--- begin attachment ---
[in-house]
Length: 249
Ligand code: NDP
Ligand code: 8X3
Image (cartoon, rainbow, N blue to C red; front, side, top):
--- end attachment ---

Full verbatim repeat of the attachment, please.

[in-house]
Length: 249
Ligand code: NDP
Ligand code: 8X3
Image (cartoon, rainbow, N blue to C red; front, side, top):